Scientists team up with trained dolphins to create data-collecting drone

Over the last decades, whale and dolphin populations around the world have dwindled significantly as a result of human activities. And while conservationists are working hard to help these animals recover, collecting data about their health in a non-invasive way can be extremely difficult.

To better understand how people influence the overall health of dolphins, a team of researchers at Oklahoma State University are developing a drone to collect samples from the spray that comes from their blowholes. Using these samples, the scientists hope to learn more about these animals’ health, which can aid in their conservation.

Today, researchers wanting to measure wild dolphins’ health primarily use a small dart to collect a sample of tissue or handle the animals in order to collect samples. These methods don’t physically harm the animals, but despite precautions, they can be disruptive and stressful for dolphins.

In a bid to come up with a better sampling method, the research team is building a drone that would fly into a dolphin’s blind spot and collect samples from the mucus that is mixed with water and air sprayed out of a dolphin’s blowhole when they exhale a breath – also called the ‘blow’.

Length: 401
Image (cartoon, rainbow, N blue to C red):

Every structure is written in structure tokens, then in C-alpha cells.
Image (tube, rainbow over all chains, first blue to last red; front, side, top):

When sampling the blow, the scientists are looking for hormones in mucus as these can be used to gauge psychological and physiological health. For instance, hormones like cortisol and progesterone indicate stress levels and reproductive ability respectively, but can also help determine overall health.

Currently, the researchers are collaborating with trained dolphins to build a drone that can stealthily collect spray from their blows. Particularly, they are interested in acquiring more data on their eyesight and hearing, which can’t be collected in the wild nor simulated in a lab. This is where it gets really interesting!

To test dolphin hearing, they set up microphones and cameras to record dolphin behavior as they played drone noise in the air. They analyzed the responses to each noise – such as how many dolphins looked at the speaker – and used these as a proxy for their ability to hear the sounds.

As for testing vision, the researchers mounted lights inside an expandable plastic sphere that they could turn on and off. The dolphins were trained to whistle when they saw a light around their head. By turning on one light at a time – which you can watch in this video – they created a map of the dolphin’s field of view.

In the next few months, the researchers will test flights over a robot dolphin they have also built to determine the timing and strategy for collection. From there, they will fabricate a low-noise drone that can fly fast enough and with sufficient maneuverability to capture samples from wild dolphins.

If all goes well, in a few years the technology would be a major contribution to conservation efforts, allowing researchers to do better science in a stress-free and non-invasive way.

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